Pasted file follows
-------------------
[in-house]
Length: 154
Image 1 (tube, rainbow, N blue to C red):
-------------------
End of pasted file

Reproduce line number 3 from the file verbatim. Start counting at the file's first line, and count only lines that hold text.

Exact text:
Image 1 (tube, rainbow, N blue to C red):